Document Type

Article

Publication Date

December 2002

Journal or Book Title

Journal of Personality Assessment

Volume

79

Issue

3

Abstract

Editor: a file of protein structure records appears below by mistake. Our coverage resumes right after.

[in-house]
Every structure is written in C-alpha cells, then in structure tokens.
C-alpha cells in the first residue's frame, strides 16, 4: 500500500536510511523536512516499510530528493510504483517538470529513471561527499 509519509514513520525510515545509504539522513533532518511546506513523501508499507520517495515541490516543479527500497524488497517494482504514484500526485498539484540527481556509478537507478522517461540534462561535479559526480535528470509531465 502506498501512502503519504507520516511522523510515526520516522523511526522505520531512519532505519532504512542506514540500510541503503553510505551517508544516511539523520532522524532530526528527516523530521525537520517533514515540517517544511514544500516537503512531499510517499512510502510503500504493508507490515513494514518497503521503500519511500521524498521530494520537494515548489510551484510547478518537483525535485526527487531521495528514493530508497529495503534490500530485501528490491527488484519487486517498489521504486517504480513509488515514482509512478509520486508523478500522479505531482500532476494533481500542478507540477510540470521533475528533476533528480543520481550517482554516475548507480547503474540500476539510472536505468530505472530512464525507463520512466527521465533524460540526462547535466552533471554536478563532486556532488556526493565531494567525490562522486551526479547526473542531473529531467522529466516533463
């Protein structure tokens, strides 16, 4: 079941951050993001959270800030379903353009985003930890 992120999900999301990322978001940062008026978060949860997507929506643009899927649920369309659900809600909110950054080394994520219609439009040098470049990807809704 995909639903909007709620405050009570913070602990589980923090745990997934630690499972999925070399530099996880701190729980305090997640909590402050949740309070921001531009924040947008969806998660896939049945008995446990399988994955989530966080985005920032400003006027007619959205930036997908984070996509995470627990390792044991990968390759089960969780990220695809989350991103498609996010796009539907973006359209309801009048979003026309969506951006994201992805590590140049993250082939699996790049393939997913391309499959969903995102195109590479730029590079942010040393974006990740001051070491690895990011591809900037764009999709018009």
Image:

The Revised NEO Personality Inventory (NEO-PI-R; Costa & McCrae, 1992b) has been criticized for the absence of validity scales designed to detect response distortion. Recently, validity scales were developed from the items of the NEO-PI-R (Schinka, Kinder, & Kremer, 1997) and several studies have used a variety of methods to test their use. However, it is controversial whether these scales are measuring something that is substantive (such as psychopathology or its absence) or stylistic (which might be effortful distortion or less conscious processes such as lack of insight). In this study, we used a multimethod-multitrait approach to examine the validity of these scales in a clinical sample of 668 participants diagnosed with personality disorders or major depression. Using various indicators of both stylistic and substantive variance, confirmatory factor analyses (CFA) suggested that these validity scales measure something that may be conceptually distinct from, yet highly related to, substantive variance in responding.